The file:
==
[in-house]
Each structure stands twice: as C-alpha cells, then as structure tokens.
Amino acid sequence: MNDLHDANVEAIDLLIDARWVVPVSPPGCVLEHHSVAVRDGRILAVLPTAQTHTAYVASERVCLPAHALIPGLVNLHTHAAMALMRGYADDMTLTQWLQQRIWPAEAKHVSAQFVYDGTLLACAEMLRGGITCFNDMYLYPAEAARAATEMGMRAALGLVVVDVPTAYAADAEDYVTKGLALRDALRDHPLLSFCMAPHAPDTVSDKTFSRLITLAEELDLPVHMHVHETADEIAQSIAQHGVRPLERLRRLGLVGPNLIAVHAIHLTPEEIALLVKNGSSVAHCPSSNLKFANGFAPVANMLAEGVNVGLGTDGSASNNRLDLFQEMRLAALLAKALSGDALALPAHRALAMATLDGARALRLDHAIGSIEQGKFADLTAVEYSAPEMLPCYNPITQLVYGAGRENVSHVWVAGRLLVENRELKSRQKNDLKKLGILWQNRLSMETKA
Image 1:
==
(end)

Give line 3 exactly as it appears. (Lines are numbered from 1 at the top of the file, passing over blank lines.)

Amino acid sequence: MNDLHDANVEAIDLLIDARWVVPVSPPGCVLEHHSVAVRDGRILAVLPTAQTHTAYVASERVCLPAHALIPGLVNLHTHAAMALMRGYADDMTLTQWLQQRIWPAEAKHVSAQFVYDGTLLACAEMLRGGITCFNDMYLYPAEAARAATEMGMRAALGLVVVDVPTAYAADAEDYVTKGLALRDALRDHPLLSFCMAPHAPDTVSDKTFSRLITLAEELDLPVHMHVHETADEIAQSIAQHGVRPLERLRRLGLVGPNLIAVHAIHLTPEEIALLVKNGSSVAHCPSSNLKFANGFAPVANMLAEGVNVGLGTDGSASNNRLDLFQEMRLAALLAKALSGDALALPAHRALAMATLDGARALRLDHAIGSIEQGKFADLTAVEYSAPEMLPCYNPITQLVYGAGRENVSHVWVAGRLLVENRELKSRQKNDLKKLGILWQNRLSMETKA